Originally Posted by darkphoenix22
Eh. Trying changing the window manager of Mac OS X.
Can you change the WM in Windows? (maybe you can, I dunno.. point being these are things I buy and assume I cannot do.. and spend no more mental energy on it than that.. yes I do wish I could get mouse focus under OS X to work as I can in X, but I can't.. done.. end of story)
I spent 5 hours trying to make it Xfce4 and failed. They've done everything they can to stop you.
Oh I'm sure they had HOURS of meetings just to plot a strategy to thwart the 5 people in the world that would want to
or more likely they designed something that works (and for the most part pretty well) and never considered how to put enough hooks in so it could be swapped in/out.
Mac OS X is a perversion of Unix.
So don't use it
at least its close enough to be able to make use of so much of the unix ecosystem. For a while I ran all my server apps on OS X, but in the end, IMO, the package managers just aren't up to snuff.
Both OSX and Windows offer vertical integration (and also lack of flexibility) that allow them to have audio and video that runs rings around linux (at least in terms of stability) We don't need long articles explaining the audio sub system for OSX or Windows like we do for Linux, nor have I ever spent days chasing down why I can't get audio from Flash, or VLC, etc. On the down side, I cannot output the same audio stream (on OS X) to multiple jacks (with buying $90 hardware) like I can with linux (and while I can.. I haven't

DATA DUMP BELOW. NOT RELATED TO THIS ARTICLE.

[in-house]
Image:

I use both OSX and Linux daily... I think both have their strengths (for those willing to acknowledge them), and both have their weaknesses.
Apple still commands too little of the market to be the driving force for video DRM woes (audio DRM is gone and no longer relevant)... Other than iTunes video, OSX users almost always get access to other content months or years after something becomes available on Windows (Netflix, CableCard, SlingPlayer, etc). The DRM push is coming from the content providers (or Windows.. but I think its 100% content providers) as those are usually the 1st working combination that hits the marketplace before it trickles down to OSX (and then rarely to linux).